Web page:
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Detainees in new Egypt's Badr prison complex complain about conditions

A picture taken on January 16, 2022 shows the Correctional and Rehabilitation Centre in Badr city [KHALED DESOUKI/AFP via Getty Images]
A picture taken on January 16, 2022 shows the Correctional and Rehabilitation Centre in Badr city [KHALED DESOUKI/AFP via Getty Images]

Detainees that have been transferred to the new Badr prison complex in Egypt have complained about the conditions there, reports Al-Araby Al-Jadeed.

Egyptian authorities tried to sell the prison in an effort to improve the conditions of prisons and detainees following severe international condemnation.

One of the detainees being held in the new complex is Anas El-Beltagy, son of the prominent Muslim Brotherhood leader and physician Mohamed El-Beltagy.

Mohamed was arrested shortly after the Rabaa massacre and in 2018 was sentenced to death in a mass trial alongside 739 other people and it's believed that his son Anas is being punished because of him.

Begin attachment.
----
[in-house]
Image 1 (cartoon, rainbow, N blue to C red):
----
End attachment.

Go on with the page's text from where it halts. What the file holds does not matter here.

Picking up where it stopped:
During his last video clip Anas complained that there was bright lighting in his cell which prevented him from sleeping, according to Al-Araby Al-Jadeed.

READ: Egypt tops list of arms importers from France

Other detainees have said that the cells are monitored by cameras and that there are flashlights shining continually into them.

Families of the detainees have also complained that they are not allowed to visit their loved ones and that food, books, clothes and blankets had been restricted.

The National Council for Human Rights has said that families are not allowed to visit the prisoners who have not had visits for six years previously in Scorpion Prison.

The prison was opened in October last year around the same time as the new Wadi El-Natrun Prison.

At the time the Interior Ministry hosted a tour of the new prison and boasted about swimming pools, sports grounds and a fully equipped hospital.

However, at the time human rights organisations said that the opening of the new prison coincided with the abolition of the state of emergency and an attempt by Cairo to relieve international pressure on its human rights record.

We Record told MEMO that the construction of the new prison complexes was an indication that the Sisi regime was predicting further challenges to his rule and possibly another revolution in the years ahead.

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